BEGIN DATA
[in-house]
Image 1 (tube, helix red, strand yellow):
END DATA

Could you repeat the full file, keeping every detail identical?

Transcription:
[in-house]
Image 1 (tube, helix red, strand yellow):